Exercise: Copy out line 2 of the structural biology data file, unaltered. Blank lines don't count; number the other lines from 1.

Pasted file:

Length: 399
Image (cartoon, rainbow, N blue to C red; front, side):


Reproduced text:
Image (cartoon, rainbow, N blue to C red; front, side):